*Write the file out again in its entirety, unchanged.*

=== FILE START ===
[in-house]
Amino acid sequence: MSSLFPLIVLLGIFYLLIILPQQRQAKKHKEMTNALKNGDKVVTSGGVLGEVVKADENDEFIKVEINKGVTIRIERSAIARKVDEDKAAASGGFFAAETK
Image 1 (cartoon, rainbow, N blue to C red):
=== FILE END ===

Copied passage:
[in-house]
Amino acid sequence: MSSLFPLIVLLGIFYLLIILPQQRQAKKHKEMTNALKNGDKVVTSGGVLGEVVKADENDEFIKVEINKGVTIRIERSAIARKVDEDKAAASGGFFAAETK
Image 1 (cartoon, rainbow, N blue to C red):